Click Here To Show Diagram Code
[go]$$ Connecting is huge
$$ . . . . . .
$$ . . X . . .
$$ . O . O . .
$$ . . X . . .
$$ . . . . . .[/go]


Whoever plays first here gets a huge advantage. The reason is topological - one group versus two discsonnected groups.

To give a more non-trivial example:

Click Here To Show Diagram Code
[go]$$Wc 1 point jump
$$ ---------------------------------------
$$ | . . . . . . . . . . . . . . . . . . . |
$$ | . . . . . . . . . . . . . . . . . . . |
$$ | . . . . . . . . . . . . . . . . . . . |
$$ | . . . O . . . . . , . . . . . X . . . |
$$ | . . . . . . . . . . . . . . . . . . . |
$$ | . . . . . . . . . . . . . . . . . . . |
$$ | . . . . . . . . . . . . . . . . . . . |
$$ | . . . . . . . . . . . . . . . . . . . |
$$ | . . . . . . . . . . . . . . . . . . . |
$$ | . . . , . . . . . , . . . . . X . . . |
$$ | . . . . . . . . . . . . . . . . . . . |
$$ | . . . . . . . . . . . . . . . . . . . |
$$ | . . . . . . . . . . . . . . . . . . . |
$$ | . . . . . . . . . . . . . . . 2 . . . |
$$ | . . . . . . . . . . . . . . . . . . . |
$$ | . . . O . . . . . , . . . . . X . . . |
$$ | . . . . . . . . . . . . . 1 . . . . . |
$$ | . . . . . . . . . . . . . . . . . . . |
$$ | . . . . . . . . . . . . . . . . . . . |
$$ ---------------------------------------[/go]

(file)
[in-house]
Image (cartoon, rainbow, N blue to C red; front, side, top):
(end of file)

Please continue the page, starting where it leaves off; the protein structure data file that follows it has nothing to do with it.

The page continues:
Black 2 is obviously a good move here.

Looking at it from a topological point of view, it can be regarded as attempting to maintain the connection between black's start point stones. So it's certainly consistent with viewing go as a topoliogcal game. White can disconnect the stones via an invasion, but if she invades too early her stones will come under a very fierce attack.

This raise the question as to whether this move is better topologically:

Click Here To Show Diagram Code
[go]$$Wc 2 point jump
$$ ---------------------------------------
$$ | . . . . . . . . . . . . . . . . . . . |
$$ | . . . . . . . . . . . . . . . . . . . |
$$ | . . . . . . . . . . . . . . . . . . . |
$$ | . . . O . . . . . , . . . . . X . . . |
$$ | . . . . . . . . . . . . . . . . . . . |
$$ | . . . . . . . . . . . . . . . . . . . |
$$ | . . . . . . . . . . . . . . . . . . . |
$$ | . . . . . . . . . . . . . . . . . . . |
$$ | . . . . . . . . . . . . . . . . . . . |
$$ | . . . , . . . . . , . . . . . X . . . |
$$ | . . . . . . . . . . . . . . . . . . . |
$$ | . . . . . . . . . . . . . . . . . . . |
$$ | . . . . . . . . . . . . . . . 2 . . . |
$$ | . . . . . . . . . . . . . . . . . . . |
$$ | . . . . . . . . . . . . . . . . . . . |
$$ | . . . O . . . . . , . . . . . X . . . |
$$ | . . . . . . . . . . . . . 1 . . . . . |